Greenwashing claims: from reputation to investigation
A move by German and US regulators to investigate exaggerated green credentials shows more than reputation is at stake
We’ve warned for months of the growing risk around ESG initiatives and the need to have substance over style when it comes to ESG initiatives. It’s a growing area of concern in the reputation management sphere.
Reputation is the upstream of investigations when it comes to any form of misconduct (the likes of Theranos present an extreme example), companies that have fallen or have made missteps have one thing in common, reputational issues and press queries were when things started to unravel. Even if your company isn’t a house of cards, reputational risk grows in the gap between expectation and reality.
It’s the turn of ESG to take the spotlight in the regulatory sphere and it’s a key reputational trend that we’ve picked up on.
Last week, DWS the asset management function for Deutsche Bank came under scrutiny for allegedly misrepresenting its sustainability credentials – prompting the SEC and the BaFin to launch investigations. DWS robustly deny the allegations being reported. They stand by their ESG disclosures in their annual report but the publication of the allegations and the fact of the investigations didn’t stop their share price from tumbling last week.
To date, whistleblowing to the media in an ESG context has been ringfenced to a reputation problem and source of embarrassment, for example, Blackrock’s former Chief Investment Officer of Sustainable Investing, Tariq Fancy calling out their practices as ‘greenwashing’ in the Independent caused them some reputational damage but it did not inhibit their freedom to operate or cause any large scale investigation.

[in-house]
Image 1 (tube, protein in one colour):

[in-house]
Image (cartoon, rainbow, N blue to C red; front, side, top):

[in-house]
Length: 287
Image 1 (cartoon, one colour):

The steps that the SEC and the BaFin have taken in relation to DWS are perhaps the start of ESG becoming a regulatory concern that will inevitably lead to more investigations – for a long time now, pressure groups have criticised banks for ‘greenwashing’, but now the pressure is mounting from the regulatory side.
The saying goes, there’s no smoke without fire, and allegations of ‘greenwashing’ are going to start leading to investigations and potentially large scale fines.
It’s not a ground-breaking thought to say that it’s time to start prioritising ESG and not to think of it as an afterthought for PR and reputation management – but now it’s a very real risk to a corporate’s freedom to operate and subsequent litigation risk. If you don’t keep your reputation clean in relation to the environment, the regulators are bound to come knocking shortly. Dealing with allegations of greenwashing head on and finding solutions at the source rather than papering over the PR cracks will inevitably provide corporates with the longevity they strive for, those that don’t will be left behind in the ‘new normal’.